You found the bathroom faucet of your dreams. It is a work of art and a life's work in the searching and finding. Well, maybe that is a little over the top, but it completely describes how thrilled you are.
There is just one issue. This faucet fixture requires more than one hole in the vanity and more than one attachment for hot and cold water. Here is how your expert plumber is going to handle the faucet installation without replacing your bathroom vanity.
Turn off the Water and Remove the Old Fixture
First, your plumber will go under the sink and turn the hot and cold water valves off. This prevents a rushing fountain of water from springing up as the plumber removes the old fixture and exposes the single hole for your all-in-one faucet and spigot. Next up is cutting extra holes.
Cutting New Holes for the Handles of Your New Faucet Fixture
Depending on the material of your vanity, the new holes are cut in the following ways:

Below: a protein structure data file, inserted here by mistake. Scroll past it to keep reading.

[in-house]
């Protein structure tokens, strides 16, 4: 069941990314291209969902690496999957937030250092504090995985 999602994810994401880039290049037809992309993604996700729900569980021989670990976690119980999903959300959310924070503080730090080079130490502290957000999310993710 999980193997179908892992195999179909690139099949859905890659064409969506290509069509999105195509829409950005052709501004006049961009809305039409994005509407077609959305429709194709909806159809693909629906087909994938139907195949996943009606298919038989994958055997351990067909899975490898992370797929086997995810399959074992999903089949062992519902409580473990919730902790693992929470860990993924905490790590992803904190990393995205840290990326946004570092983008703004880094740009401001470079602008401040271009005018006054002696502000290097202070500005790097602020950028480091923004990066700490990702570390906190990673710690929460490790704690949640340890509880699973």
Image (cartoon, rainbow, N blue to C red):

- Diamond-hole saw drill bits cut marble and granite holes without marring the marble or granite.
- Spade drill bits cut wood, laminate, and formica.
- Ceramic or concrete drill bits are used for ceramic vanities and sinks. Gradual and graduated sizes of bits are used to slowly and carefully make the new holes without splitting, cracking, or breaking the ceramic.
Then the plumber measures the base components of the new fixture. These are the two faucet connections on the underside of the fixture. The diameter of these areas is necessary for determining how large a hole saw bit, spade bit, or concrete/ceramic drill bit is needed. You never want the new openings in your vanity to be too big or too small because then the fixture will not drop into position properly.
Clearly Marking the Areas on the Vanity to Be Drilled/Cut
The areas where the new holes are supposed to go are clearly marked. This helps the plumber place the right matching bit to the corresponding material right over the exact center or directly on top of the circles marked on the vanity. A few minutes of really loud cutting and/or grinding, and the new openings for your new fixture are now visible and ready.
Installing the Fixture
Now that there are enough holes in the vanity into which the new fixture can easily drop, the plumber drops in the fixture. Then he/she screws on the locking nuts from underneath to secure it and attaches the cold and hot water hoses. Finally, the plumber uses a waterproof caulk to seal around the base of the new faucets/fixture.Share